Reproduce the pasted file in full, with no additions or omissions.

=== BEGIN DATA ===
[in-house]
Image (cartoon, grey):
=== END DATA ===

[in-house]
Image (cartoon, grey):